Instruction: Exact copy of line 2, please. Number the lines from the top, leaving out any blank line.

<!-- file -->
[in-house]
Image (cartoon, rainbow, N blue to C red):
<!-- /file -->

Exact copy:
Image (cartoon, rainbow, N blue to C red):